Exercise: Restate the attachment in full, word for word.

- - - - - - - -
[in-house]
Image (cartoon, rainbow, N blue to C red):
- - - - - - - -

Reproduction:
[in-house]
Image (cartoon, rainbow, N blue to C red):